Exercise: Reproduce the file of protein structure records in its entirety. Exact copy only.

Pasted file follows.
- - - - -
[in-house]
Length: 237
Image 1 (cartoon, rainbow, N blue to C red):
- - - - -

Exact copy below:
[in-house]
Length: 237
Image 1 (cartoon, rainbow, N blue to C red):